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Sugar substitutes and sweeteners in the U.S. - statistics & facts

Sweeteners are one of the most used types of food additives. In the United States, sugar is the most popular among them. About 36 percent of consumers in the U.S. use sugar to sweeten their foods and beverages. However, increasing health concerns about their sugar intake have caused consumers to search for possible substitutes. Substitutes for sugar (sucrose) from beet and cane can take a wide variety of forms. The substitutes fall within two dimensions. They are either caloric or non-caloric and they are either naturally occurring or artificially produced.

Caloric sweeteners



The United States is well known for its corn sweeteners. Per-capita consumption of corn sweeteners in the country came to almost 53 pounds. High fructose corn syrup consumption accounted for about two-thirds of the total per capita consumption. It is by far the most well-known corn sweetener. And while fructose or fruit sugar contains the same calorie content as sucrose, its chemical makeup differs from common sugar and it is generally thought to be healthier. Other corn sweeteners contain sugars such as glucose or dextrose. Annually, over 8,600 short tons of corn sweetener is used in food and beverages in the U.S. However, both per capita consumption and use of corn sweeteners in food manufacturing is seeing a downward trend. Other additions to the group of caloric sweeteners are artificially created sugars such as Allulose. These sugars may have much fewer calories than common table sugar.

Non-caloric sweeteners



At the end of the 19th century, the first artificial sweetener was invented that had no caloric content. Saccharin stands at the beginning of a long list of artificial sweeteners that boast no or low caloric content. Even some artificial sugars, such as Sucralose, may have no caloric content. The U.S. market for artificial sweeteners is closing in on a value of 600 million U.S. dollars, which it is predicted to exceed in 2022. While the majority of non-caloric sweeteners are artificial, sweeteners that occur in nature and have no calories exist, such as Stevia. When it comes to actual food manufacturing, different sweeteners get mixed often with others to produce a wide variety of tastes, sweetness, and calorie content.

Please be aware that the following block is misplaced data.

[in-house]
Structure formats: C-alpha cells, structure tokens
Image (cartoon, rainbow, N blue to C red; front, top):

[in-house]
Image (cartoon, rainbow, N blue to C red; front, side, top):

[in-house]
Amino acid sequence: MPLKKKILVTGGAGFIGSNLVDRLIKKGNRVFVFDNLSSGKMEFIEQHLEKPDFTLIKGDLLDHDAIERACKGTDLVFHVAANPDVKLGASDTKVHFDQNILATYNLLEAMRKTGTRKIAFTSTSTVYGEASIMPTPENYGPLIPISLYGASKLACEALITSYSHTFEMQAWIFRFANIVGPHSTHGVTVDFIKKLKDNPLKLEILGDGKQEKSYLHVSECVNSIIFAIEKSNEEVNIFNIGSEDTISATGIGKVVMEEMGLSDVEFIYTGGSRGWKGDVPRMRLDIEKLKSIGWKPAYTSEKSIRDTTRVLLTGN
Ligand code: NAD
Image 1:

Interesting statistics

In the following 5 chapters, you will quickly find the 27 most important statistics relating to "Sugar substitutes and sweeteners in the U.S.".

Sugar substitutes and sweeteners in the U.S.

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Sugar substitutes and sweeteners in the U.S. - statistics & facts

Sweeteners are one of the most used types of food additives. In the United States, sugar is the most popular among them. About 36 percent of consumers in the U.S. use sugar to sweeten their foods and beverages. However, increasing health concerns about their sugar intake have caused consumers to search for possible substitutes. Substitutes for sugar (sucrose) from beet and cane can take a wide variety of forms. The substitutes fall within two dimensions. They are either caloric or non-caloric and they are either naturally occurring or artificially produced.

Caloric sweeteners



The United States is well known for its corn sweeteners. Per-capita consumption of corn sweeteners in the country came to almost 53 pounds. High fructose corn syrup consumption accounted for about two-thirds of the total per capita consumption. It is by far the most well-known corn sweetener. And while fructose or fruit sugar contains the same calorie content as sucrose, its chemical makeup differs from common sugar and it is generally thought to be healthier. Other corn sweeteners contain sugars such as glucose or dextrose. Annually, over 8,600 short tons of corn sweetener is used in food and beverages in the U.S. However, both per capita consumption and use of corn sweeteners in food manufacturing is seeing a downward trend. Other additions to the group of caloric sweeteners are artificially created sugars such as Allulose. These sugars may have much fewer calories than common table sugar.

Non-caloric sweeteners



At the end of the 19th century, the first artificial sweetener was invented that had no caloric content. Saccharin stands at the beginning of a long list of artificial sweeteners that boast no or low caloric content. Even some artificial sugars, such as Sucralose, may have no caloric content. The U.S. market for artificial sweeteners is closing in on a value of 600 million U.S. dollars, which it is predicted to exceed in 2022. While the majority of non-caloric sweeteners are artificial, sweeteners that occur in nature and have no calories exist, such as Stevia. When it comes to actual food manufacturing, different sweeteners get mixed often with others to produce a wide variety of tastes, sweetness, and calorie content.

Interesting statistics

In the following 5 chapters, you will quickly find the 27 most important statistics relating to "Sugar substitutes and sweeteners in the U.S.".

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